On March 27, 2020, NASA's Near-Earth Object Wide-field Infrared Survey Explorer (NEOWISE) mission spotted a friendly visitor in the skies.
A bright, fiery comet soaring through the inner Solar System was dubbed NEOWISE, or officially recognized as C/2020 F3.
The comet flew past the Sun on July 3, and has since been visible in the night skies to the naked eye. Sky gazers across the world have captured snippets of the comet's journey as it travels through our orbital neighborhood before continuing onto outer space.
And you still have a chance to view this light show in the skies, one of the best viewed by us Earthlings in a decade.
You can see this comet high in the sky at dawn on Saturday, July 11. In the days after, through July 15, it will be visible closer to the horizon each day and just after sunset.
Comets are icy bodies of frozen gas, rock, and dust, material that likely dates back to the formation of the Solar System. NEOWISE's nucleus is covered in sooty, dark particles that were leftover from 4.6 billion years ago as it formed near the Solar System, and it stretches about three miles across.
As comets travel closer to the Sun, they increase in brightness. The heat from the star causes them to burn, which in turn causes a glow. The heat also turns some of the material into gasses and the radiation from the Sun pushes some of the dust to create that familiar comet tail that trails behind the main body.
Comet NEOWISE cruised within Mercury's orbit on July 3, making its closest approach to the Sun as close as 44 million kilometers to the surface of the star.
Not all comets survive this journey. The Sun's powerful gravity can weaken them, breaking them apart as they draw near. We already saw that happen with Comet ATLAS earlier this year, which was also predicted to become visible to the naked eye. Therefore, sky enthusiasts were naturally skeptical as they had been scorned before.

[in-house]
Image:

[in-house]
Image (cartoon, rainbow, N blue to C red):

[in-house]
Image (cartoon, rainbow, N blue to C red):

However, much to their delight, NEOWISE persevered and survived this rather intense encounter with our host star.
"In its discovery images, Comet NEOWISE appeared as a glowing, fuzzy dot moving across the sky even when it was still pretty far away," Amy Mainzer, NEOWISE principal investigator at the University of Arizona, said in a statement. "As soon as we saw how close it would come to the Sun, we had hopes that it would put on a good show."
NEOWISE emerged from its stellar rendezvous brighter than ever, dazzling stargazers with its glowing beauty.
The comet is visible to the naked eye, but a handy pair of binoculars will provide a better view. By mid-July, comet NEOWISE will be visible at dusk just after sunset, appearing low in the northwest horizon, according to EarthSky.
Skywatchers need to face east where they will see Venus appear as a very bright star, and then look towards the planet's left. Towards the left is another bright marker in the night sky, the star Capella. Comet NEOWISE will be visible just below Capella and will be moving towards the north each day, EarthSky noted.
Astronauts on board the International Space Station, which orbits around 250 miles above Earth, captured this view of Comet NEOWISE right above Earth's horizon on July 5.
Astrophotographer Kerry Lecky Hepburn captured this stunning view of comet NEOWISE above the city of Toronto, Canada on July 5.
Comet NEOWISE shines over Lebanon in this image captured by astrophotographer Maroun Habib.
This video captures the movement of comet NEOWISE in the early hours of dawn on July 9.
The Lick Observatory's staff astronomer Elinor Gates captured this image of NEOWISE soaring in the northeastern sky before dawn on July 7.